This quantified self of mine is really getting under my skin -- largely because, well, it has gotten under my skin. It is messing with one of the most cherished of my human qualities: self-delusion. To wit: now I know precisely how ineffective that last workout really was. The heartbeat monitor on my Apple Watch is tracking my heart rate throughout my daily battle with a home climbing machine. Apparently my definition of intense aerobic activity is in disagreement with the Watch’s. Now I have a little scold on my wrist warning me that I am not working nearly as hard as I would like to think I am.
Screw you, I tell the watch when it does not deliver the expected result. But who am I really talking to? Who am I flipping off here, if not myself? I can tell already that this is going to get complicated and perhaps a bit messy.
In an ingenious piece of imaginative engineering, the agency T-3 is leveraging this bifurcated self created by wearables with an upcoming “hands-free Tinder” app. Instead of swiping through Tinder profiles, using your head to filter responses to potential matches, you can use an app where elevations in your heart rate trigger choices. The heart belies the head.
“Your head might lie when you look at a picture,” says Ben Gaddis, chief innovation officer, T-3. “Your heart might have an immediate reaction.” The will be T-3’s first direct-to-consumer app after many years of designing for clients. It will be available when Apple releases version 2.0 of the Watch OS, which will give apps access to more of the device’s sensor data.
T-3 already uses a wide range of data points from mobile phones to power the 7-Eleven app through T-3’s SCOUT platform. It pulls in weather, location and personal data to present offers to customers that recognize time of day, seasonality, current temps and whether the customer is close to a store. Imagine adding heart rate to this. “If you know it is a warm day and you have been running and your heart rate is about 110 beats for the last ten minutes, we could offer you specific types of experiences that are relevant without asking you,” he says.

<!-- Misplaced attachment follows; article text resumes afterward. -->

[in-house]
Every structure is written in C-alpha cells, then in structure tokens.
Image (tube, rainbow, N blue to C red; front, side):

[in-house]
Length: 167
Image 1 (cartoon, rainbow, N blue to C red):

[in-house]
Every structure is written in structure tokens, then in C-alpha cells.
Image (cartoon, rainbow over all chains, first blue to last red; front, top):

The emotion-based interface gained some serious credibility this week from none other than Mark Zuckerberg. At a Facebook Town Hall session, he contended that someday we would be sending thoughts and feelings to one another via digital channels -- but without clunky text or voice input devices. He said, "One day, I believe we'll be able to send full rich thoughts to each other directly using technology. You'll just be able to think of something and your friends will immediately be able to experience it too, if you'd like. This would be the ultimate communication technology."
Of course, using data points like heart rate as a sort of cookie trail for emotions raises a host of possibilities, both positive and negative. Imagine taking this Tinder interface and applying it to browsing a clothing catalog. Sure, this application of your quantified self might tell you what you really, really like or use emotional responses to filter choices. It could also arm a retailer with data points that could get irritating very quickly. The idea of being retargeted by heart rate is a nightmare scenario that disrupts the longstanding consumer/seller dynamic. This is like giving a salesperson access to your personal “tell.” The quantified self quickly becomes someone else’s quantified mark.
Damn you, quantified self. No, wait. Who the hell am I talking to?
This column was previously published by MediaPost in the July 2 edition of Moblog.